James McHenry is a lesser-known American Founding Father. A Scots-Irish Presbyterian born in County Antrim, Ireland, he came to the colonies in 1771, just five years before independence.

McHenry eventually became a military surgeon, signer of the Constitution and Secretary of War for Presidents Washington and Adams. Fort McHenry, of Star-Spangled Banner fame, bears his name. James McHenry was of the early American elite. He wrote:

“The holy Scriptures… can alone secure to society, order and peace, and to our courts of justice and constitutions of government, purity, stability, and usefulness.”

Holy Scriptures? How unwoke can you get?

Are we to assume that McHenry was racist, “homophobic,” nativist or a bigot? Can you imagine a member of the Biden cabinet referencing holy Scripture? Why, that would be a violation of “separation of church and state,” the Jeffersonian doctrine intended to prevent government from meddling in matters of faith. Today that doctrine has been wholly transmuted, weaponised to eradicate religious expression from the public square.

A different century

McHenry wasn’t the only American Founder whose words would get him cancelled today. How about the “father of our country” George Washington? Here is what Washington told a gathering of Delaware Indian leaders:

You do well to wish to learn our arts and our ways of life and above all, the religion of Jesus Christ. These will make you a greater and happier people than you are. Congress will do everything they can to assist you in this wise intention.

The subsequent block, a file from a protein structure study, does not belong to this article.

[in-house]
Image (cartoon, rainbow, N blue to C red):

A compilation of religious sentiments by early American leaders would consume more terabytes than MercatorNet can handle. Needless to say, the Founders were people of faith. Back then, the West was commonly referred to as Christendom. As far as I know, no one found that offensive.  

What does any of this have to do with demography?

Well, according to the World Atlas, “American women reaching child-bearing age in 1800 had on average of seven to eight live births in the course of their reproductive life.” In 1800, America was mostly rural and practising Christian.

In the early 1800s, two overarching factors influenced family life. The first was faith. The Biblical injunction “And you, be ye fruitful, and multiply; bring forth abundantly in the earth, and multiply therein.” (Genesis 9:7, KJV) was taken quite seriously.

Also, having children was sound economics. Children meant more hands on deck at the farm and family business. That was early American family planning.

From 1800, however, US fertility steadily declined, bottoming out in the 1940s. Then the postwar “baby boom” brought a 60% bump. The decline has since resumed, attributed to better public health (lower infant mortality), urbanisation, industrialisation, higher incomes and women in the workforce.

However, one tremendously significant reason for fewer children is usually omitted from demographic analyses: secularism.

What is secularism?

The term was coined c.1850 to denote a system which sought to order and interpret life on principles taken solely from this world, without recourse to belief in God and a future life. It is now used in a more general sense of the tendency to ignore, if not to deny, the principles of supernatural religion.